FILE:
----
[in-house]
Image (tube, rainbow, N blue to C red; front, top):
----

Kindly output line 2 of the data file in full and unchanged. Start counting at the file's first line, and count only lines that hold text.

Image (tube, rainbow, N blue to C red; front, top):